Casting out, under the shadow of what were the tips.
Relaxing back into the fisherman's seat -
Boots removed from aching feet.
Tic-Tac-Toe soon takes its toll - (And a bellyful of ale)
Rad's eyes, unstoppable, begin to roll.
Very soon, he's pushing out the Zeds -
This seat more comfortable than his homesome bed. 90
Dreams can be tormented by many things -
Forty pounds for a dozen rings. (set of course)
His slumbering mind recalls the said tales -
More terrifying they are than Jonahs and Whales.
If he'd been awake and eyes about the river bank -
He would have surely noticed the emergence of Lank.
Lank's gasping breath - frozen from the ice water -
Should have woken everyone up, a feared for slaughter.
Twelve feet tall and lungs like leaking bellows,
His pointed head could be seen all the way to Wellow. 100
The German, without tegs, may have been an ugly bugger -
However, compared to Lank, he was made from sugar.
Lank put his mouth to Rad's as if for a kiss -
Even for the neutral watcher, something could be seen amiss.
Blowing into the young man's gob he put -
Left over coal dust, shingle and soot.
Rad jumped up with an asthmatic wheeze -
A flighty Lank flew back and sunk below the reeds.
Rad gripped his paws to his barrel chest -
Maybe, like his Mum had said, he should 'ave wore a vest. 110
A quick draught of whiskey did no good -
His chest still sounded out like hollowed wood.
No longer would he run about the welfare pitch -
A malady as this is worse than the stitch.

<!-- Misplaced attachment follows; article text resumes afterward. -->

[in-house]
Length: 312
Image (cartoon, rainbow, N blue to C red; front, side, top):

Taking advantage of the resultant blood rush -
Frank jumped out from behind the shaking bush.
Frank, although not nearly as tall as Lank -
Had shoulders that would stop him crawling the bank.
Our hero as frit as two chockers with work -
Could not believe the horror from the murk. 120
Into the claws that were once called his hands -
Frank once held a driller run by large elastic bands.
His fingers still a buzzing he tries to get our Rad's neck -
The collier fools him and falls straight to the deck.
All is not as well as it appears if you linger -
Frank has grasped the end of his flailing fingers.
The quake from the monster's shivering digits -
Is enough to pour the draught bitter without a widget.
The shakes hit Rad like no other -
Four whiskeys and a gallon will not rid this quivering brother. 130
He makes a dash - his fingers unfeeling -
What he sees next jumps him up towards the ceiling.
Gruesome May comes hither from the tips -
My God, Rad, you've now 'ad your chips.
The scared Ripper does nothing but a benny -
He was not one trained by big Kenny.
May is as ugly as a Deputy in June -
His Frankenstein's head is illuminated by the moon.
He opens his jaws to let out an almighty shout -
Snot, blood and entrails hang from his snout. 140
His roar is louder than the hooter come noon -
It's rude awakening thrown to the moon.
Too late for Rad to put bungs to his ears -
Never again would he hear the whisper of his dear (girlfriend).
Too much has this poor lad seen tonight -
He falls into unconsciousness without so much of a fight.
Waking up in Kings Mill in a hard framed cot -
He is taken into X-ray alongside a King's Mill Scot.
- He's Deaf, gasping and his fingers are numb, utters a Doctor within -
Make sure they pay him well... and his kin. 150
Now... now the pit has long since shut -
Vinnie Vick guards it from his hut.
Rad can be seen, but don't ask for a sub -
Every evening in the Top Club.
It seems to take two hands to hold on to his pint -
But don't tell him they're on to him or he'll drop it in fright.
Vicars water still fishes well upon a sunny and bright day -
But don't dare at night unless you want to meet, Lank, Frank & Gruesome May!

The End


New Perspectives is an East Midlands' based touring theatre company, specialising in bringing new work to rural and community audiences. Through an annual programme of original adaptations, rare revivals and new writing, we aim to bring live theatre that is diverse, affordable and accessible into the heart of wide-ranging communities, as well as to regional, national and international venues.